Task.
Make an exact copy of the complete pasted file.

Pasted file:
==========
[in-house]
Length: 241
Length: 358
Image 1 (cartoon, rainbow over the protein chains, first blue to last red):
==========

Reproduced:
[in-house]
Length: 241
Length: 358
Image 1 (cartoon, rainbow over the protein chains, first blue to last red):